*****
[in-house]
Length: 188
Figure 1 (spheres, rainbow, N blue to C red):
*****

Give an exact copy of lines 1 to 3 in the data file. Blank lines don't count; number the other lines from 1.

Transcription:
[in-house]
Length: 188
Figure 1 (spheres, rainbow, N blue to C red):